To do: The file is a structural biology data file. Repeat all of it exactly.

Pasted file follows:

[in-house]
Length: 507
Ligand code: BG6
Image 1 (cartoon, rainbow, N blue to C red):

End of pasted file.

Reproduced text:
[in-house]
Length: 507
Ligand code: BG6
Image 1 (cartoon, rainbow, N blue to C red):